How are these fragments combined into meaningful sentences? To give advice, verbs are put in the imperative. If you need a refresher on the imperative mood, we discuss it in this video on Leonardo da Vinci’s Mona Lisa.

In the following sentences, the first option is the polite form:

  • Giri / gira a destra = Turn right
  • Giri / Gira in fondo alla strada = Turn at the end of the street
  • Giri / Gira di fronte alla chiesa = Turn in front of the church
  • Attraversi / Attraversa la strada = Cross the street
  • Prenda / Prendi la prima strada a sinistra = Take the first street on the left
  • Vada / Vai dritto fino all’incrocio = Go straight up to the crossroads
Local male citizen showing direction to female tourist

You can now carry an entire conversation with your friendly passer-by. Don’t forget the appropriate thanks and goodbye formulas when you take leave.

Scusi, mi sa dire dov’è via Verdi?

Excuse me, can you tell me where via Verdi is?

Via Verdi è la seconda strada a sinistra. Attraversi la strada e giri a sinistra dove c’è il negozio di scarpe.

Via Verdi is the second street on the left. Cross the road and turn left where the shoe shop is.

Grazie mille, arrivederci!

Thank you so much, goodbye!

This was easy. Let’s ask for more information.

Mi scusi, sto cercando la trattoria Il cinghiale. Sa dov’è?

Excuse me, I am looking for the trattoria Il cinghiale. Do you know where it is?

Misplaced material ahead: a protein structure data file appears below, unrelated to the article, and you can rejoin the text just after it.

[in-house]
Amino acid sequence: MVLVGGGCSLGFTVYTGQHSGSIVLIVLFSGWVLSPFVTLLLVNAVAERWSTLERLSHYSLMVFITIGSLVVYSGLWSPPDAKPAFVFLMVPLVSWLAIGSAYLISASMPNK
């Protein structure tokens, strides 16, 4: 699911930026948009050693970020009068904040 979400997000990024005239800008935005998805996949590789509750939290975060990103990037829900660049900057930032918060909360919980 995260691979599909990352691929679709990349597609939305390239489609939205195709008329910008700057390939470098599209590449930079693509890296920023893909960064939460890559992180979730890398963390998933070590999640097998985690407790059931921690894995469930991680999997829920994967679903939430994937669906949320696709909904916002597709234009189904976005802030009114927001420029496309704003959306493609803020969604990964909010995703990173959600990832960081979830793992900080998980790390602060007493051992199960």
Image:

No, mi dispiace, non l’ho mai sentita.

No, sorry, I’ve never heard of it.

Può consigliarmi un ristorante qui vicino?

Can you recommend a restaurant nearby?

Le consiglio il ristorante Da Mario. È nella piazza del mercato.

I recommend Da Mario. It’s in the market square.

Dov’è la piazza del mercato? È lontana?

Where is the market square? Is it far?

No, è a due passi. Attraversi l’incrocio e giri a destra, il ristorante è all’angolo della strada.

No, it’s just a stone’s throw away. Cross the intersection and turn right, the restaurant is on the corner of the street.

Grazie, molto gentile!

Thank you, how kind of you!

how to ask for directions in italian

Watch the video: Italian Direction Words and Phrases

This excellent video covers all the basics we’ve seen in this article, from asking for directions in Italian to giving directions yourself to all the correct responses. Enjoy!